19 Oct 2012

Germany has the money and Germany gets its way

There’s some coverage hailing a mini-breakthrough overnight here but it’s not clear just how much has changed.

The June EU summit agreement, it was thought, stipulated that the bailout fund would be used to bail out banks and specifically Spanish banks, getting the Spanish government off an excruciatingly impaled hook. Germany, as ever, said nothing could happen until new rules requiring better behaviour and ceding national control to the centre had been put in place.

Now, after hours of wrangling over what all that meant and how far Germany was willing to go, we have an announcement that “work on the operational implementation” of the recapitalisation of banks by the ESM bailout fund “will take place in the course of 2013”.

Germany has elections in September 2013 and, as the Telegraph’s Bruno Waterfield comments here,  it’s not clear if a cent will go to a bank until after those elections. Not clear also whether Spain, hailed as the main beneficiary, is actually going to be allowed to use this developing facility to allow Madrid to crawl out from under the Spanish banks’ debt.  And it appears to be pretty clear beyond dispute now that Spain, hailed as the main beneficiary of the June deal, is not actually going to be allowed to use this developing facility but will have to wait for ECB bond buying or sign up to the dreaded bail-out instead.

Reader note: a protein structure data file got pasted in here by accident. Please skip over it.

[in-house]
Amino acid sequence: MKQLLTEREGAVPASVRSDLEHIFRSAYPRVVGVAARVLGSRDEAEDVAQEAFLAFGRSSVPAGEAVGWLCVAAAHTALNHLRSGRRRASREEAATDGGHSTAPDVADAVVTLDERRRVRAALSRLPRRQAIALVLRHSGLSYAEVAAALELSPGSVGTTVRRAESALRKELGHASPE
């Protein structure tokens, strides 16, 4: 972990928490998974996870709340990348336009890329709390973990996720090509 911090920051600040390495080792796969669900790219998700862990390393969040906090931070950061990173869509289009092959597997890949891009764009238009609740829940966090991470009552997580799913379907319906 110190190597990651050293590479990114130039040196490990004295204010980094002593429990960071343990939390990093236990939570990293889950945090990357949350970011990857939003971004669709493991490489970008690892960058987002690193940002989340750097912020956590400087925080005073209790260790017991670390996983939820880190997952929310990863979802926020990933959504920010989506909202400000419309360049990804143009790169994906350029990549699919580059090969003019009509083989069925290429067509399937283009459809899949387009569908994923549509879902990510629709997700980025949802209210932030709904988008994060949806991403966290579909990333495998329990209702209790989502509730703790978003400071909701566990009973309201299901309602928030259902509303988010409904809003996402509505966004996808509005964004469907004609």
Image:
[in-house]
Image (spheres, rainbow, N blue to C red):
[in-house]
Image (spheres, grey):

Der Spiegel this morning reports: “The compromise is a victory for Merkel. Both France and Spain had been emphatic that bank oversight begin on Jan. 1, 2013. Berlin, however, insisted that any such regime be thoroughly planned and resisted efforts to move quickly, receiving support from such non-eurozone countries as Sweden and the Czech Republic. Over a dinner of roast veal and spinach, Hollande and his allies backed down.”

At his lengthy press conference in the early hours, President Hollande said the bail-out fund could be tapped within weeks of 1 January 2013 and in her terser press conference Chancellor Merkel said it would be unwise to make predictions on timings. Francois Hollande determinedly wanted to distance himself from the “Merkozy” image of his predecessor, indistinguishable from German policy. You could argue on the basis of June and October that the Hollande approach is not bearing fruit. He may have underestimated the need to be on-side with Chancellor Merkel and he certainly seems to have underestimated the degree to which Mario Draghi at the ECB is working hand in glove with the German chancellor.

Meanwhile, as Philip Stephens writes in today’s FT, the grumbling about Britain carries on. Quite a few Tory MPs I spoke to before coming out to Brussels thought the Der Spiegel piece portraying the UK as the grumpy old men in The Muppet Show was an attempt by Chancellor Merkel to swipe back at Britain and get the message out there that the UK might well want “out” and noone was going to fight too much to keep us in. If so, is that German approach disinenguous or real? David Cameron’s strategy – a big renegotiation followed by a referendum – is based on it being a bluff.

But Chancellor Merkel is the leader who, in December 2011, said to van Rompuy that it was time to move on to other matters when David Cameron thought he was just getting started on his special arrangements for protecting the City.

Mr Cameron may get more clues what the German chancellor really thinks of him when he comes back here for the November and December summits.

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